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Group Work or Lectures… Which Teaching Method is Best for Students?

The reality is that in most professions, you work as a team. While the extent to which you collaborate changes from profession to profession, this is an essential skill to being successful after college…and even post high school. If you are headed to college, you’re going to do group projects. If you go straight into the workforce, you will be asked to collaborate with others regularly. Whether 12 or 22, students of all ages benefit greatly from being asked to work on projects as a group. This is even more true with Generation Z, who make up the majority of current students. While learning how to work in teams is an obvious outcome, the benefits don’t end there. The following is a short list of some of the other benefits of group work:

  • Relationship building
  • Skill development
  • Confidence
  • Conflict management
  • Active learning
  • Performance

Relationship Building

Neurobiology proves that humans are, by nature, social creatures. Our bodies actually release different chemicals as a response to different types of interaction. In a positive interaction, our brains release serotonin. In contrast, in a stressful interaction like an argument, we release cortisol. It’s no surprise then that students prefer interacting with others while learning as opposed to traditional lecture. In addition to the flood of “happy chemicals”, students frequently build relationships with people they may not have otherwise met. Research also shows that schools that encourage group work result in a lower level of overall feelings of isolation. Being exposed to people of different personalities and cultures provides students with an education of its own – a microcosm of what it’s like to interact with the world – people of all different likes, dislikes, personalities, cultural backgrounds, and skills.1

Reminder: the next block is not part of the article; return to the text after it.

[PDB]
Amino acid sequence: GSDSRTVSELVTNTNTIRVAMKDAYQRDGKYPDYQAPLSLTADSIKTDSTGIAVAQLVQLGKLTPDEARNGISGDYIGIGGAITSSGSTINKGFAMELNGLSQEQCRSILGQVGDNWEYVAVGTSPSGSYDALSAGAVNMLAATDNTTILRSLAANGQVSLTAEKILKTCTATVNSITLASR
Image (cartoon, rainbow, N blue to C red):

Conflict Management

As referenced above, group work enables students to learn how to work through conflict. While some group work may be a light discussion about a book they read or walking through a step-by-step science experiment, many group projects do spark differing levels of conflict. Conflict most frequently erupts over the division of tasks or one (or more than one) team member not pulling their weight. Other times, it’s because someone determines that they are the leader and become bossy. Regardless of the cause of the conflict, students still have a project to complete in a set time frame. They are forced to learn how to work through conflict because at the end of the day – the group dynamics will not be an excuse for turning in late work. This is a microcosm of the real world. While you may joke in college that you can’t wait to graduate because you’ll be done with group projects, that’s just the beginning. Group projects are extremely common in just about every line of work, so it’s best to learn conflict resolution while you’re young!

Skill development